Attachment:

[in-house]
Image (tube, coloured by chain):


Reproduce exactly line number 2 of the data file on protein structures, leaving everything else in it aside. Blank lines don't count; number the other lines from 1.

Image (tube, coloured by chain):